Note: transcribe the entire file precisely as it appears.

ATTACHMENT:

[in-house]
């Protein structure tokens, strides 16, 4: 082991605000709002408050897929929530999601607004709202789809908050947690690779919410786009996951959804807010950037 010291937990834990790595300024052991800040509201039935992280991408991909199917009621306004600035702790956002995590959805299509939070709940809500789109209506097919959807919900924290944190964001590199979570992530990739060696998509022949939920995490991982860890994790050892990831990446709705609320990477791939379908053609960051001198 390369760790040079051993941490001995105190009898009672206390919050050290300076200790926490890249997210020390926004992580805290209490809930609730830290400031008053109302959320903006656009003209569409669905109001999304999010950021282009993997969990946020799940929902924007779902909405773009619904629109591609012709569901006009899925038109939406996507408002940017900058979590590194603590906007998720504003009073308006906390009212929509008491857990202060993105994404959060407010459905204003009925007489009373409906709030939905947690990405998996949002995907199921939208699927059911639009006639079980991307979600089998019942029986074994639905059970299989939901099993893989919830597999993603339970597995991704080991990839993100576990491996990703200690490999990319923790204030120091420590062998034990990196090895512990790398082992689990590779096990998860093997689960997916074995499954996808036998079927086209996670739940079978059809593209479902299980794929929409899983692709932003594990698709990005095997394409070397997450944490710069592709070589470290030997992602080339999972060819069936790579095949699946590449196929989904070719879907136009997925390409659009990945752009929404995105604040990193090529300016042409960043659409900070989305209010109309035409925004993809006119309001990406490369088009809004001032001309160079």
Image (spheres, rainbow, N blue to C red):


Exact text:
[in-house]
């Protein structure tokens, strides 16, 4: 082991605000709002408050897929929530999601607004709202789809908050947690690779919410786009996951959804807010950037 010291937990834990790595300024052991800040509201039935992280991408991909199917009621306004600035702790956002995590959805299509939070709940809500789109209506097919959807919900924290944190964001590199979570992530990739060696998509022949939920995490991982860890994790050892990831990446709705609320990477791939379908053609960051001198 390369760790040079051993941490001995105190009898009672206390919050050290300076200790926490890249997210020390926004992580805290209490809930609730830290400031008053109302959320903006656009003209569409669905109001999304999010950021282009993997969990946020799940929902924007779902909405773009619904629109591609012709569901006009899925038109939406996507408002940017900058979590590194603590906007998720504003009073308006906390009212929509008491857990202060993105994404959060407010459905204003009925007489009373409906709030939905947690990405998996949002995907199921939208699927059911639009006639079980991307979600089998019942029986074994639905059970299989939901099993893989919830597999993603339970597995991704080991990839993100576990491996990703200690490999990319923790204030120091420590062998034990990196090895512990790398082992689990590779096990998860093997689960997916074995499954996808036998079927086209996670739940079978059809593209479902299980794929929409899983692709932003594990698709990005095997394409070397997450944490710069592709070589470290030997992602080339999972060819069936790579095949699946590449196929989904070719879907136009997925390409659009990945752009929404995105604040990193090529300016042409960043659409900070989305209010109309035409925004993809006119309001990406490369088009809004001032001309160079």
Image (spheres, rainbow, N blue to C red):